Indoor plants are popular right now. Glorious photos of green vegetation brightening a sunny living room or hanging in the doorways of a greenhouse are populating social media posts and inspiring our interior design choices. You needn't be an avid gardener or have a green thumb to enjoy a room full of indoor plants. Not only are plants stunning in the home decor, but they offer a range of health benefits. Here are 5 health benefits of indoor plants based on scientific study and research.
1. Improved Air Quality
As global citizens, we are becoming more aware of the importance of nature for our health and well-being. The increased number of wildfires around the globe is awakening humanity's concern for the Earth's environment including changes in the climate or atmosphere. Essentially, the air we breathe is an exchange between animals and plants. The forests, prairies, and wetlands of our beautiful planet inhale carbon dioxide and release oxygen. During this process, additional chemicals from the surrounding air are also ingested by the plant's leaf structures and released into the soil where microorganisms digest the various chemicals to produce nutrients for plants. The various nutrients like nitrogen, phosphorus, and potassium are exchanged via the roots with the tiny soil microbes encouraging healthy plant growth.
The above air cleaning process happens with indoor plants too! Volatile organic compounds (VOC's) found in carpets, paints, cleaning products, plastics, and furniture are invisibly present at room temperature indoors. Without proper ventilation, these chemicals can build up in the air and reach toxic levels. Scientific studies published by NASA and Environmental Science and Pollution Research concluded that different types of indoor plants absorbed various types of VOC's. For example, a Ficus elastica or a "Rubber tree" was found to remove benzene and toluene emitted by wallpapers, adhesives, furniture wax, rubbers, and tanned leathers. A Schefflera arboricola or "Umbrella tree" removed formaldehyde that is present in paints, synthetic fabrics, and pressed wood.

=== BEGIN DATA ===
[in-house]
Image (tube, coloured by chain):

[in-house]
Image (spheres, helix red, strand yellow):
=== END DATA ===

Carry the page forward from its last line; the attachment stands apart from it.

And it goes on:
Ficus elastica removes harmful chemicals like benzene from the air.
Laboratory experiments conducted by NASA show a considerable improvement in indoor air quality in just 24 hours after a plant was introduced to a space with high levels of VOC's. Thus, adding plants to your home will help you breathe cleaner indoor air. The more plants the better the air quality of your home. If you are new to indoor plants, ask for help from your green thumb friends or a staff member of a local nursery about an easy to care for indoor plant.
2. Increased Energy Levels
Studies show that communing with the natural world increases our feelings of well being and vitality. As our outlook becomes more positive, so does our energy level. Plants in the home or office offer more than a positive outlook. We learned that one health benefit of indoor plants is cleaning the air of toxic levels of VOC's. As the air-quality increases, so does our vitality. Our physical body, such as the lungs, liver, and blood, is not overburdened by invisible harmful chemicals. Additionally, as plants clean the air, our green symbiotic friends also contribute oxygen to the indoor environment.
Increased oxygen levels in our bodies allow the cells to perform optimally boosting brain and muscle function, as well as, increased metabolism and waste elimination. Furthermore, many bacteria and viruses are anaerobic and can not survive in oxygenated conditions. As our bodies work efficiently with more oxygen and less harmful chemicals in the air, we feel less sluggish with more energy. Who would have thought an indoor garden would have such an effect on our vigor and vitality?